Economic Pain Stronger For U.S. Hispanics
January 27, 2012 by UPI - United Press International, Inc.
WASHINGTON, Jan. 26 (UPI) — Data backs up the belief among U.S. Latinos that they’ve been hurt more by the economic downturn than other groups, researchers said.
Fifty-four percent of Latinos say they believe that the economic downturn that began in 2007 has been harder on them than on other Americans, the Pew Hispanic Center, a project of the Pew Research Center, said Thursday.
The national survey of 1,220 Hispanic adults was conducted Nov. 9 through Dec. 7, 2011.
In an analysis of government data, the Pew Hispanic Center found that median household wealth among Hispanics from 2005 through 2009 fell 66 percent. Among whites, the median household wealth dropped 16 percent and among blacks it fell 53 percent, the study found.
Unemployment among Latinos was 6.3 percent in December 2007, at the beginning of the so-called Great Recession and 11 percent in December 2011. Among all groups unemployment rose from 5 percent to 8.5 percent in the same period.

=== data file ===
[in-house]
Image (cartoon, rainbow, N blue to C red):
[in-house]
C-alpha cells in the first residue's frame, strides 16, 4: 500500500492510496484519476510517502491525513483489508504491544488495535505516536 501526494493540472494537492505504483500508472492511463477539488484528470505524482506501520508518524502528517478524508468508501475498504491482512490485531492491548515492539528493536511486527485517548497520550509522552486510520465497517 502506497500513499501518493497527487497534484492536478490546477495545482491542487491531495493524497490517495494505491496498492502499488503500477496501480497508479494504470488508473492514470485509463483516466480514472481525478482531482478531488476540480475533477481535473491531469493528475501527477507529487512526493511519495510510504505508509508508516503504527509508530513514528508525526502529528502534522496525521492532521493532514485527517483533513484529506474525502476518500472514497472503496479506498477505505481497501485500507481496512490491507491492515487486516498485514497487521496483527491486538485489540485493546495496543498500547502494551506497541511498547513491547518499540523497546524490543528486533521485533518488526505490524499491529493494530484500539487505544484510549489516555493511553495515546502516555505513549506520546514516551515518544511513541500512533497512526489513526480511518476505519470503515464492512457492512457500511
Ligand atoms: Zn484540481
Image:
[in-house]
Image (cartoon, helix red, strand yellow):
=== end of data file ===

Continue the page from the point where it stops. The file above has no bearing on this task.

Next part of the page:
In the survey, 59 percent of Latinos indicated that someone in their household had been out of work and looking for a job in the past 12 months. Among the general population 51 percent indicated their household was hit with the same predicament.
This makes it difficult to explain the optimism among Hispanics, researchers said.
Sixty-seven percent of Latino respondents indicated they expected their personal financial situation to improve in the next 12 months. Among the population at large, 48 percent indicated an expectation of improvement.